GMAC encouraged clients to take advantage of its 30- and 45-day lock prices, which weren't priced to comply with the November 1st g-fee increase, and has issued a reminder than the spread between the 30- and 45-day price is less than the cost of a 15-day extension.  The g-fee increase is currently being integrated into the 60-day lock price. The g-fee increases bring changes for GMAC Freddie and Fannie products requiring extensions to close and disburse after October 19, 2012.  Loans with terms of less than 15 years are subject to a 50 bps increase, while those with terms of 15 years or more are subject to an increase of 25bps.   This applies to loans with 5-, 7-, 15-, 30-, and 45-day lock windows that have locked with GMAC prior to September 24rd and to loans with lock windows of 60 days or more that were locked prior to September 6th.  The fee increases are in addition to the existing extension fees as listed on the GMAC rate sheet.

Turning to the markets, sometimes I am tempted to write, "Rates are great" and leave it at that. But it is useful to talk about the economy, especially with last week showing us some disappointing reads on the economy. A good term would be "wallowing" or "slow growth trajectory." GDP is certainly less than expected, and the Durable Goods (items made to last three years or more) orders dropped over 13%. (Yes, it is volatile - in this case aircraft orders plunged more than 100%.) The "budding" housing recovery remains in-tact: new home sales in August missed on the headline, but remain near two-year highs, and the median price for a new home is now 17% higher than a year ago. July's Case-Shiller index also pointed to stronger prices.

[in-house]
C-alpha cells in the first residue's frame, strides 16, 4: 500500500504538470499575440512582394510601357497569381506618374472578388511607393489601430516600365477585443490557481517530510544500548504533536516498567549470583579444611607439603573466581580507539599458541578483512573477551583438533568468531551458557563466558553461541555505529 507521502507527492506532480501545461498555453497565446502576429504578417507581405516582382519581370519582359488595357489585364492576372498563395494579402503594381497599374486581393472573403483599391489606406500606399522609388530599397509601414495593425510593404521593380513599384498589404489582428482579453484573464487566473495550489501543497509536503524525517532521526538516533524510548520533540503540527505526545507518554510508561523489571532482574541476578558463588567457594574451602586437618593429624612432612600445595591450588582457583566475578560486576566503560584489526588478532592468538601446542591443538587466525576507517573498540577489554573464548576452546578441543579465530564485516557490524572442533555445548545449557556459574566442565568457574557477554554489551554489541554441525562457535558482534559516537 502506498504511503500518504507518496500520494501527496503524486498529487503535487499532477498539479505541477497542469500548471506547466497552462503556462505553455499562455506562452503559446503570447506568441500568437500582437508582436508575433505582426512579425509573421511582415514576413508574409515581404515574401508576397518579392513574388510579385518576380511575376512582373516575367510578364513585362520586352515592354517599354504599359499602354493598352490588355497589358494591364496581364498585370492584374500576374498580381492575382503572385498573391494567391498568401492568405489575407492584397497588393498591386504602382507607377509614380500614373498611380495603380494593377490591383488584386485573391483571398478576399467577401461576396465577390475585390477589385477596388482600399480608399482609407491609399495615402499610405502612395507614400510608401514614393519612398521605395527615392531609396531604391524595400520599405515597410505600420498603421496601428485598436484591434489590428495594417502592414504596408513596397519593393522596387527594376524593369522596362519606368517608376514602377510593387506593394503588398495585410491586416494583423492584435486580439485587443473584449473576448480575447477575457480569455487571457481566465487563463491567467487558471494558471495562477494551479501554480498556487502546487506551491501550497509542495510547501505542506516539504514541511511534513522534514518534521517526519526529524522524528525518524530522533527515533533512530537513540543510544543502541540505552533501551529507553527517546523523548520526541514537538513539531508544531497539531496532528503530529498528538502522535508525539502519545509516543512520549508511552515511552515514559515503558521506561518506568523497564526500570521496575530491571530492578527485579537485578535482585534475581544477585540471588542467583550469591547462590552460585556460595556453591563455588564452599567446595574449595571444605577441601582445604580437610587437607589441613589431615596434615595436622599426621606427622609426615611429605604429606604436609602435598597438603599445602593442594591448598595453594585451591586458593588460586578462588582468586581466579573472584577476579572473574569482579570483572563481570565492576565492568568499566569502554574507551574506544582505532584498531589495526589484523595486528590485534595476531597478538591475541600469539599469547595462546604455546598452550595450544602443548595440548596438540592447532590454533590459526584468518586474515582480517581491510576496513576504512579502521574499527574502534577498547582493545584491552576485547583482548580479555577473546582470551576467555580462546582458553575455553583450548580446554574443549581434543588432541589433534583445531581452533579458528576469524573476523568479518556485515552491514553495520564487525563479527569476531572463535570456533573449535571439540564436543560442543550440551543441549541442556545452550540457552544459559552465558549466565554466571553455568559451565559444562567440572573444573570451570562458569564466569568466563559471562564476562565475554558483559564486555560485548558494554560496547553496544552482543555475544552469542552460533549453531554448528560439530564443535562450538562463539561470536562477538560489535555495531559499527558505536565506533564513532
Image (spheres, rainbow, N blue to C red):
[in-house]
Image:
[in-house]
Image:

For exciting scheduled economic news in the United States this week, there isn't much in the way of the 8:30AM EST numbers (the ones that can generally move rates more than other releases). That comment aside, later this morning we'll have some ISM Index number, and Construction Spending. Wednesday are the ADP number (of questionable worth in predicting the government unemployment data), another ISM number, and the FOMC minutes from the 9/12 meeting. (Those might be kind of interesting.) Thursday is the Challenger Job Cuts, Jobless Claims, and Factory Orders. But Friday is the Big Kahuna: employment. We closed the week with the 10-yr at 1.64%; this morning it's around 1.62% with agency MBS prices slightly better.

(Parental discretion advised.)
A little boy dressed up as a pirate knocks on the door on Halloween and an older lady come to the door and says, "Oh my goodness! Now what are you?"
The little boy answers, "Look, lady, I'm a pirate"!
The lady replies, "Well, if you're a pirate, where are your buccaneers".
The boy answers, "Right here under my buckin' hat!